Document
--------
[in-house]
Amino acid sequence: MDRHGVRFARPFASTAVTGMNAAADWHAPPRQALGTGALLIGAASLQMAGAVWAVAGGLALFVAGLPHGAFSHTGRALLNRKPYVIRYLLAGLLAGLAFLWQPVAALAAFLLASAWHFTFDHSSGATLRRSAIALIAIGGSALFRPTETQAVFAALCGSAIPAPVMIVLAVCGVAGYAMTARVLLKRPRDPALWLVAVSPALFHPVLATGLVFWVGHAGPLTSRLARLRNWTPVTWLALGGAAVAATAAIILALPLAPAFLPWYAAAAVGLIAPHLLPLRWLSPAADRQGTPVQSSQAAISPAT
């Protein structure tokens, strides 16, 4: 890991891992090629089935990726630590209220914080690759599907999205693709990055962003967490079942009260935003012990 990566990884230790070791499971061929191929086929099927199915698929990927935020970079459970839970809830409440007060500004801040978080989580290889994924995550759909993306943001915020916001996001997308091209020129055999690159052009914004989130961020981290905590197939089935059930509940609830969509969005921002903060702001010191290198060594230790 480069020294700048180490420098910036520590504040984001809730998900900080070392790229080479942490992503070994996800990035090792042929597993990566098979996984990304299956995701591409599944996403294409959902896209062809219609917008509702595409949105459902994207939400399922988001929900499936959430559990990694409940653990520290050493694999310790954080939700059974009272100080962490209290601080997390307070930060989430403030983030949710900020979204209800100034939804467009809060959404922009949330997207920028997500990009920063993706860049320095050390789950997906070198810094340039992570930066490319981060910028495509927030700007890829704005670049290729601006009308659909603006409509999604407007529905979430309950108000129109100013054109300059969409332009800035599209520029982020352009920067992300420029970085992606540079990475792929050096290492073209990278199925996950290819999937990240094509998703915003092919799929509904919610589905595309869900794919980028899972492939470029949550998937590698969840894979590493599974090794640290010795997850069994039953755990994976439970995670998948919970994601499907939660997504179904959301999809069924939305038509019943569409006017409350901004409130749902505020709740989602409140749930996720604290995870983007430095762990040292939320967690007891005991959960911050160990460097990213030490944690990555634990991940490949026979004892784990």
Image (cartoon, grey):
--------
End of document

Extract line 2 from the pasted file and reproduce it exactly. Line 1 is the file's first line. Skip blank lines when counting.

Amino acid sequence: MDRHGVRFARPFASTAVTGMNAAADWHAPPRQALGTGALLIGAASLQMAGAVWAVAGGLALFVAGLPHGAFSHTGRALLNRKPYVIRYLLAGLLAGLAFLWQPVAALAAFLLASAWHFTFDHSSGATLRRSAIALIAIGGSALFRPTETQAVFAALCGSAIPAPVMIVLAVCGVAGYAMTARVLLKRPRDPALWLVAVSPALFHPVLATGLVFWVGHAGPLTSRLARLRNWTPVTWLALGGAAVAATAAIILALPLAPAFLPWYAAAAVGLIAPHLLPLRWLSPAADRQGTPVQSSQAAISPAT